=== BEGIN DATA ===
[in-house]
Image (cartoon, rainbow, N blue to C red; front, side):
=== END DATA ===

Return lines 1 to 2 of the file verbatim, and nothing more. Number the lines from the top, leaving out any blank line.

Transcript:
[in-house]
Image (cartoon, rainbow, N blue to C red; front, side):